Do you have a safety on your Every Day Carry (EDC) firearm, why or why not? Have you ever thought about why you choose to carry a firearm with a manual external safety on it?
If you haven't, then this is an important article that should get you thinking about your EDC. This topic is sure to draw very polar opposite opinions from gun owners. That is fine and I encourage all the readers to weigh in with their comments on all my articles. But first, let's start with the FACTS about your handgun's safety mechanisms:
All modern handguns have internal safeties. These consist of firing pin blocks, drop safeties, magazine disconnects etc. So when I am speaking about a gun having, or not having a safety, I am NOT speaking about the internal safeties that keep the gun from firing without the trigger being squeezed.
Furthermore, safeties are a mechanical component of the firearm, and should not be relied upon as making the “gun safe.” The ONLY way a gun is safe, is if it is handled in a safe manner by the person who is using it, regardless of how many safeties are engaged. Case in point – would you take a firearm, point it at your head and pull the trigger just because the safety was engaged? I sincerely hope your answer is emphatic NO.
Now that we have the basics down let's talk about what a manual external safety is and what its purpose is on a handgun.
What Is a Manual External Safety?
Lever/Switch Safety –
When most people hear the term, manual external safety, the image that comes to mind is a lever or switch style mechanism on the side of the frame. This type of safety is engaged in one of two positions, either on or off. If the safety is engaged, the gun cannot be fired. Some of these types of safeties can also serve a purpose as a de-cocker. Engaging the safety with this type of configuration not only places the gun on safe but moves the hammer forward. Just to throw a little confusion into the mix, there are guns with de-cockers that do not engage any safety mechanism (but these are not considered safeties).
Backstrap/Grip Safety –
These types of safeties are integrated into the backstrap of the gun. In the default position, they are not depressed and need to be squeezed in order to disengage and allow the gun to function. This is what you see on the popular 1911 handgun, and even in some newer models of polymer guns. There are a few types of grip safeties that are not on the backstrap, but rather the front of the pistol grip, such as the HKP7.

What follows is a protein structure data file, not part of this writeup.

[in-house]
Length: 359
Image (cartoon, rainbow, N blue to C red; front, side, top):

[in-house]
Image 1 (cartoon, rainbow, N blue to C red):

Trigger Safety –
This safety is integrated into the trigger shoe itself. This mechanism requires the finger (or another object) to depress a ‘paddle' on the trigger in order to allow it to move fully to the rear and fire the cartridge.
How Is The Safety Applied?
While you may focus on the question, IF you should have a manual external safety on your everyday carry gun; an equally important question you should be asking yourself is HOW is the safety engaged/disengaged. There are what I like to refer to as active safeties and passive safeties.
Active Safety –
This is one that you must manipulate outside of the normal draw-stroke or grip of the gun. For example, the Lever/Switch type safety is one like this. The process to disengage the safety does not have anything to do with the natural gripping of the firearm.
You may be thinking, but I carry a 1911 and I have trained, as part of my draw stroke, to sweep the safety off as I draw. Yes, that is the proper thing to do, but notice you must train into your draw stroke the action of sweeping the safety to disengage it. While it is a trained movement, this is an example of an active safety, because it must actively be engaged/disengaged through a deliberate action.
Passive Safety –
This is one that is disengaged without having to perform any deliberate action besides what you would normally do to grip and fire the gun. Examples are your trigger safety, and back strap safety. The trigger safety is naturally disengaged when the trigger finger is properly placed on the trigger and rearward pressure is applied. Similarly, the grip/backstrap safety is disengaged when the shooter obtains a proper grip on the gun.
Note about grip safeties: A special note I wanted to make about grip safeties, is that you NEED to train with them and understand how they work. I have seen many students shoot their Springfield's equipped with a with back strap safety exceptionally well and without malfunction during slow fire. The problem I have seen is while shooting under stress, from weak handed, retention or unorthodox positions, etc., the shooters sometimes don't get a high enough or strong enough grip on the backstrap. This causes the gun's backstrap/grip safety to engage and prevent them from firing the handgun. This usually occurs during the above-mentioned scenarios and especially during follow-up shots.